Mastering Chinese Tones
Many people are wondering, “How difficult or how hard is it to learn Chinese?” To put it simply, pretty tough, although answering this question doesn’t address all the factors that go into learning a language. Still, there are several key steps that you can take to help you learn Mandarin Chinese much faster.
Often, on rating scales for native English speakers, you will find that learning Mandarin Chinese or even Cantonese rate as some of the most difficult languages in the world! Of the two, though, Mandarin is much easier to learn for a few reasons.
First, Mandarin has four basic tones while Cantonese has anywhere from nine to thirteen, depending on how you categorize the tones. For English speaker who barely even know what a tone is, this can definitely be overwhelming, so begin today mastering Chinese tones!
To hear a sample audio, click play below
Tones are the pitches that are used when speaking a particular sound—kind of like music added to the words that someone says. And boy, do they make a huge difference! You can say four entirely different things (with the SAME sound, but with different tones).
The basics of each tone are briefly explained below. Understanding how each tone works is crucial to your mastery of the language. If you skip over this as if it is nothing, then I can guarantee that most Chinese speakers will feel you know NOTHING about the language itself.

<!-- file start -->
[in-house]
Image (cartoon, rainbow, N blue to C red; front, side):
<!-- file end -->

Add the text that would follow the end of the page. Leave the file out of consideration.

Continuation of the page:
On the other hand, if you master the tones, you will get compliments all day long about how wonderful your Chinese is—even if you can only speak a few words!
- First tone: a higher than normal flat pitch (This pitch is extremely annoying if repeated over & over again—much like saying “aaahhhhhhhhhh” at the dentist’s or doctor’s office).
- Second tone: a rising pitch that begins at your normal speaking pitch and rises (This tone sounds like you are asking the question “huh?” because your voice rises–just like when asking a question and your voice rises at the end of the sentence).
- Third tone: a falling & rising tone that begins at your normal pitch, falls, & then rises (It’s sometimes pretty obvious when you hear this pitch because it’s pretty distinct. You could liken it to someone who is extremely frustrated and says, “Oh!” Or, maybe it’s more like a kid trying to tell you that “That’s NOT how it is!” and says, “No!”).
- Fourth tone: a falling pitch that usually begins at a higher than normal pitch and falls softly (Most English speakers make the mistake of landing too quickly & makes it sound as if you are angry as you speak this tone. Be careful not to be part of the vast majority: Land with style and grace. This tone should sound like a great sigh of relief).
Second, the Mandarin language has a simple beauty that is timeless. Cantonese, on the other hand, tends to be a rapidly and constantly evolving language strewn with idioms and colloquial (or slang) phrases that make it more daunting for the beginning Chinese learner.
Understanding the basics of the tones and then using a few other simple tools will help you learn to speak Mandarin Chinese and make the process go much more smoothly for you! (See How to Learn to Speak Chinese for details).
I began speaking (in an understandable way) after six months and was able to have conversations with people. However, my in-laws informed me that it will take more than ten years to truly have mastery of the language!
So, how difficult is it to learn Chinese? After mastering the above tones and knowing how to learn Chinese PinYin, I think you can adequately decide for yourself how hard it is to learn Chinese!